Charles Plymell: The Rusty Truck Interview

Introduction to Charles Plymell by A.D. Winans

I met Charles Plymell at a small press convention back in 1976.  We have been corresponding on and off for over thirty years.  Plymell is often associated with the Beats, but he can’t be pigeon-holed into any label, be it “Beat or: Hip.”  Much has been written about Jack Kerouac’s On The Road, but Plymell was putting his foot to the pedal while Kerouac was still trying out for the football team at Princeton University.  He was born on the plains of Kansas, and his family moved a lot, so  there was no real long-term place to call home.  He didn’t attend high school except for one year in a military school in San Antonio, Texas.  By 1950 he was in his own words “driving more miles with four on the floor than Kerouac ever did or could.”  I should point out at this time that Plymell does not wish to be identified with Kerouac.  He feels they shared nothing in common, unlike Neal Cassady, whom he was able to identify with.

I have known too damn many poets who rail against the system while at the same time living at the public trough.  Plymel isn’t one of them.  During his travels, he worked at a variety of jobs which includes riding in rodeos, working on a pipeline, working with his mother at daredevil car shows in Oklahoma, working as an extra in Hollywood, working on a dynamite crew on the Columbia River, and later as a longshoreman on the San Francisco docks, a job he took personal pride in.

In 1951 he drove his new Chevy from San Antonio to Blythe, California, where his father had a farm.  The family also farmed in South Dakota, during which time Plymell took pride in owning a hot rod. He moved to San Francisco in late 1961 and stayed with friends from Wichita in an apartment on Ashbury, a half-block from the Haight, where I grew up as a child and teenager.  In 1962 he shared a flat on Gough Street with Ginsberg and Neal Cassady. He later moved to an apartment on Post Street, where he had a multilith press that printed the first issue of Zap Comics, with artwork by Robert Crumb.  He later became friends with poets like Lew Welch and David Meltzer, and early on frequented meetings at the apartment of Kenneth Rexroth who would later be dubbed the father of the Beats.  In 1971 City Lights published his book The Last Of The Moccasins, a delightful fast paced novel based on his road trips from Kansas to the West Coast.

Of all the poets I have met and associated with over the last 45 years, Plymell not only walks the walk but also talks the talk. As a poet, writer and publisher, he has published and performed his work around the world. . Plymell and I joined forces in the seventies to protest the corrupt policies of the National Endowment For the Arts (NEA) Literature Program under the stewardship of Leonard Randolph where grants were routinely given to friends of friends, and on some occasions to husband and wife, father and daughter, and poets and their lovers. You fight the NEA and cause them embarrassment and you wind up on their blacklist, although they will deny maintaining one.  Randolph himself told me at a conference in North Dakota, “You will never get a writing grant from the NEA as long as I have anything to say.”  Randolph is gone now, but his words remain.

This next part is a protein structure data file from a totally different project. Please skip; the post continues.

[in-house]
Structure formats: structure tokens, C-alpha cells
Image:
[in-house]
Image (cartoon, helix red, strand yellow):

If anyone deserves a State or Federal Grant, it’s Plymell.  But he has never played the game, so the awards go to academic poets who could never fill his shoes, and, of course, the poetry “biz boys” who regularly kiss ass and trade favors.

I don’t want to take up further space here.  If you don’t already know Plymell’s work, do yourself a favor and take the time to Google his name.  What you won’t find in a Google search are the human traits of “honesty,” “humility,” and “integrity.”   Plymell possesses all three traits and you have to meet him at least once to know he is the definition of what a poet is and should be.  The only two other poets I have been privileged to meet who possess the same characteristics are the late Jack Micheline and Bob Kaufman.

The Interview

Scot Young: Your book, The Last of the Moccasins, was published by City Lights; what is your relationship with Lawrence Ferlinghetti and City Lights?

Charles Plymell: I haven’t kept in touch with Larry. He was a friend of my relatives Mary Beach and Claude Pélieu who came from Paris to S.F. at his suggestion. I saw him not too many years ago at his reading at a nearby college. I took my big Lab, Bebop, to the reading and he yawned, so we waited outside. Grant Hart was with me and later at the host’s party Grant sniffed Larry’s ass and Larry turned around startled. Grant said that was the way dogs got acquainted, so he wanted to try it. I never got royalties after a small advance off the City Lights edition and also had to split my advance with Larry from Europa Verlag, who published it in German. After that Larry surrendered the rights and Motherroad published it with that great cover by Robert Williams, who only did it for me because of my role in getting comix started. That edition was mostly lost, too because the publisher fell into trouble. My epic poem, Apocalypse Rose, was first published by City Lights in the issue with the group photo. I didn’t go to the photo shoot. I saw Larry off and on at various occasions. He took Pam and me, Mary’s daughter, into nearby Mike’s Pool Hall for lunch sometimes. She was under age but of course the owners knew Larry. The book remained seminal. I don’t know how much was due to being boxed in City Lights basement until the rights were reverted, or whether it was just too different to sell. I called it THE FIRST COLLAGE NOVEL because it didn’t conform to literary standards. It was praised by individuals who would find copies passed from hand to hand, but it never made the mainstream. Oddly after the rights were reverted I saw many City Lights editions on the collector bookseller markets. I never talked to Ferlinghetti about it. I have trouble getting on with millionaire beatniks.